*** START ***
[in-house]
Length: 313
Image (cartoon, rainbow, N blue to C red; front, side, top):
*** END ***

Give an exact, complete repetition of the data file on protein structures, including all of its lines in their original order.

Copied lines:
[in-house]
Length: 313
Image (cartoon, rainbow, N blue to C red; front, side, top):